Overlap the previous pass by a quarter-inch.

Step 7: Wipe off the strie brush.

After two or three passes, wipe off the strie brush with a cotton, lint-free rag to remove the excess paint.
Wipe off the brush after two or three passes.

Step 8: Allow the wall the dry.

When you are done, your first process color should look like something like this. Let the wall dry completely, and use the time to thoroughly clean and dry your brushes.
The first process color should look like this.

Step 9: Prepare the second process color.

After the wall is thoroughly dry, we’ll add the second process, a vertical strie. The first step is to add more glaze to the 5:1 ratio glaze/paint mixture to make this pattern more transparent.
Add more glaze to the strie paint mixture to make it more transparent.

Step 10: Vertically apply the second process color.

Using a quality 4-inch latex paintbrush, evenly apply the second process color vertically. Leave a little more paint on the top of the stripe to pull down with the strie brush. Paint enough of the second process color to cover two widths of the strie brush.
Apply the second process color vertically.

Step 11: Use the strie brush to make the vertical pattern.

Using the same cleaned and dried strie brush, hold the brush flat to the wall and, with a gentle pressure, drag the strie brush straight down from the top of the wall to the bottom. Rotate the brush slightly as you get to the bottom to continue the pattern evenly. Go back to the top of the wall, and repeat the process. Remember to overlap the previous pass by about a quarter-inch.
Pull the strie bush down the wall, holding it flat.

Step 12: Continue the process across the room.

Continue across the wall, adding one or two brush-widths of tinted glaze with a 4-inch latex brush then slowly pulling the strie brush down over the paint with a straight, even motion. Remember to use a clean, lint-free cotton rag to wipe the strie brush dry after one or two passes, which will keep the brush from holding too much paint. It’s the dry strie brush that makes a crisp burlap pattern.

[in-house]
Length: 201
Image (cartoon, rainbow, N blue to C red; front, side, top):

Follow steps #10 and #11 to complete the double-process burlap strie pattern.

Step 13: Allow the wall to dry.

When the walls have all been treated with the second process color and strie brush application, allow them to dry. The result is a rich, textured classic burlap pattern.
Enjoy the double-process burlap strie pattern.

Step 14: Consider other colors for the pattern.

You can alter the strie effect simply by changing the colors you choose. For instance, you can make the second process color lighter than the base. To do so, you can mix the original beige base color with the latex glaze in a ratio of one part paint to five parts latex glaze. With a mixed glaze, you can follow steps #10 to #12 to apply this lighter second process color. It’s a little trickier to get the pattern even when laying a lighter tint over a darker color. If the layer is too heavy you can even out the pattern by going back over the area with a light touch if you work quickly. If there is a thin line, add a little more glaze with a latex brush and then gently smooth it out with the strie brush. Altering color combinations creates endless possibilities, but the result is the same: A classic faux painting pattern rich in texture and sophistication.

This effect was achieved by using a second process color that was lighter than the base coat.